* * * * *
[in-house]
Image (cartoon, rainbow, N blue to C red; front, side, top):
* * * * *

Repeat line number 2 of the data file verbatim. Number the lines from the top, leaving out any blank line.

Image (cartoon, rainbow, N blue to C red; front, side, top):